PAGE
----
When you're as teensy as an electron, it's hard to see you!
But electrons have a negative charge, so we can at least detect that charge. They interact with matter because they are charged—for example, the electrons streaming away from the Sun excite atoms in our atmosphere and cause colorful curtains of light called aurorae.
There are other particles streaming away from the Sun that are just as tiny as electrons but that have no charge. These neutral particles are called neutrinos. And boy, are they hard to detect!!!
Way back in 1930 theoretical physicist Wolfgang Pauli predicted that there should be such a thing as a neutrino. When physicists make such predictions, they are working with data and equations, and they sometimes find that something is missing in their data—the math doesn't come out right unless some other thing, still unknown, exists. Pauli was in that situation—he thought that there must be a particle as large as an electron, but with no charge. He named this not-yet-discovered particle a neutron.
A few years later, another physicist discovered a much larger neutral particle that he named neutron. So the as-yet-undiscovered particle got renamed neutrino.
In 1956, physicists were able to detect neutrinos (well, it turned out that they were closely-related particles called anti-neutrinos) created in nuclear reactors. And in the 1960s, scientists were able to detect and even count neutrinos coming from the Sun, using huge tanks of dry-cleaning liquid deep, deep underground. (Those few incoming neutrinos that hit a chlorine atom in the liquid changed the chlorine to argon. The amount of argon in the liquid was then measured.)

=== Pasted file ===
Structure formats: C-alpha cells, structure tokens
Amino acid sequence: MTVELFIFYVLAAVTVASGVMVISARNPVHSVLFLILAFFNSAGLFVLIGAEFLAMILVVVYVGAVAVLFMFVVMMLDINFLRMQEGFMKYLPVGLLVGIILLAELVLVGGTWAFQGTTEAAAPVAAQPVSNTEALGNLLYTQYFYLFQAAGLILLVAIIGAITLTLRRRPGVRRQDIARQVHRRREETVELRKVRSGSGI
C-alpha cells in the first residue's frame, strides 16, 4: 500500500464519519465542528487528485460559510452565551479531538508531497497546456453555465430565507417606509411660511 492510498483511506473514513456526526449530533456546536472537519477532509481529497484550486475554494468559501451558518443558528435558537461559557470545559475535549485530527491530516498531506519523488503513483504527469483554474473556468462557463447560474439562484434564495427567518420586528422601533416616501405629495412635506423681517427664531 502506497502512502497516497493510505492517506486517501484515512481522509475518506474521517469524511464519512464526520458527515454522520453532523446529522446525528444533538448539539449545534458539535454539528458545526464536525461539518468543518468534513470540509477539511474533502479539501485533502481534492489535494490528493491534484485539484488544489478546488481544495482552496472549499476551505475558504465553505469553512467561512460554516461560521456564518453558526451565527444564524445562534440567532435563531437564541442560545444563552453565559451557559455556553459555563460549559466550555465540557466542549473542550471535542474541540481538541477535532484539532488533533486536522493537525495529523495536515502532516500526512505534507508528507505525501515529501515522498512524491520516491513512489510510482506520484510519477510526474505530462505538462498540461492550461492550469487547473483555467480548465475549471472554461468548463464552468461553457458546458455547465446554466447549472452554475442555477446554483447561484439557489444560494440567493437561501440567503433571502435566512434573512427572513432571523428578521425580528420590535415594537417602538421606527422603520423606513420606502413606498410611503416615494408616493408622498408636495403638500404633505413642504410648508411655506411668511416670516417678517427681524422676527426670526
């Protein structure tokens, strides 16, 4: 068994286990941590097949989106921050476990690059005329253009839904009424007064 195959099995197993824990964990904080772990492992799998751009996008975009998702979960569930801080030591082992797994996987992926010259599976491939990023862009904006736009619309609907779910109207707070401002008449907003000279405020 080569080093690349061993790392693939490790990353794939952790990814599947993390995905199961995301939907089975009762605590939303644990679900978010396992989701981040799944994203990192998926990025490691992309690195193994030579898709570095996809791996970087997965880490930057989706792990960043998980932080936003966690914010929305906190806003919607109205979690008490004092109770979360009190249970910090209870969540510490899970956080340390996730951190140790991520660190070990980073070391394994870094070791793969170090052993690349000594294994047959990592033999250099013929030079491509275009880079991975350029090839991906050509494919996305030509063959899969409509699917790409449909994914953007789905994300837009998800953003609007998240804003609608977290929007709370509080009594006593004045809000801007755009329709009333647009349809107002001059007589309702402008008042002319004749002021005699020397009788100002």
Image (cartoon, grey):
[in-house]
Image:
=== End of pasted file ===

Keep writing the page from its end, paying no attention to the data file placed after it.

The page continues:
Once they were able to detect and measure neutrinos, scientists noticed that Earth was receiving only one third to one half of the expected solar neutrinos. Again, our equations were scrutinized—this time, the equations that modeled how nuclear fusion operates deep in the Sun's core. Could there be something wrong with our model? Could something be missing?
The Sudbury Neutrino Observatory reported on this day in 2001 that the missing neutrinos were there, all along, but had changed “flavors” in their long journey through the outer layers of the Sun, through space, and through our own atmosphere. The earlier neutrino detectors had only detected electron neutrinos, but the SNO used heavy-water detectors that also detected muon and tau neutrinos. With data on all three flavors of neutrinos, the expected number was found, and our model of how the Sun operates was confirmed.
Have you always wanted...
...a muon neutrino of your very own? Get it here.
Older students might enjoy the Particle Adventure.